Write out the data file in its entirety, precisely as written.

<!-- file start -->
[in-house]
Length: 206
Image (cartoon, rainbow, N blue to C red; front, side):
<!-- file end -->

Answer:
[in-house]
Length: 206
Image (cartoon, rainbow, N blue to C red; front, side):